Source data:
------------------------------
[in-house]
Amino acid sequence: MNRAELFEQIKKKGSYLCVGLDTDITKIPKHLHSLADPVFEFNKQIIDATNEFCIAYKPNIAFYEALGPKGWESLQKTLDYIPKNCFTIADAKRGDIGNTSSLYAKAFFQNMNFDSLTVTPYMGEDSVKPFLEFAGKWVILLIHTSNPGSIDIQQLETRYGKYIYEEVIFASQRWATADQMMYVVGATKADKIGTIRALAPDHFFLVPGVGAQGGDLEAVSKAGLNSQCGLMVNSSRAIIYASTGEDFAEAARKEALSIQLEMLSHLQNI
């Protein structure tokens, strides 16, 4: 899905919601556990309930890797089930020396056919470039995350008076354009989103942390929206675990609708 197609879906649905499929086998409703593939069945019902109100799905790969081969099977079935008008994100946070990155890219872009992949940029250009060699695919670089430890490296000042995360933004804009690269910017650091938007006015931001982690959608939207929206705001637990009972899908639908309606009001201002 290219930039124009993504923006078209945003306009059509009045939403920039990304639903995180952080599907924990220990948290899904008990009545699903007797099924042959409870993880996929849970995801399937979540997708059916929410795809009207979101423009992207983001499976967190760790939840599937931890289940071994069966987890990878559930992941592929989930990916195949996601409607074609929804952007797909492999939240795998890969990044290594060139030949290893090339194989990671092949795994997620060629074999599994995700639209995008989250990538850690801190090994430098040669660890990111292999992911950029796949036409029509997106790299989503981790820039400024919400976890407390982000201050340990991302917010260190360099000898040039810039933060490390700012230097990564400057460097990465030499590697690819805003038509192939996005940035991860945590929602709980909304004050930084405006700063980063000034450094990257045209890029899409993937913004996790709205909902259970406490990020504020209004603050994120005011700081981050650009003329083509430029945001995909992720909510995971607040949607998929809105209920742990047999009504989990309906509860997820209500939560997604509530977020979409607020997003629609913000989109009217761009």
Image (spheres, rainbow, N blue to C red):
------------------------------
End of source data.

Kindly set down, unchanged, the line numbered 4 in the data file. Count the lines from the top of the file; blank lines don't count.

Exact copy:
Image (spheres, rainbow, N blue to C red):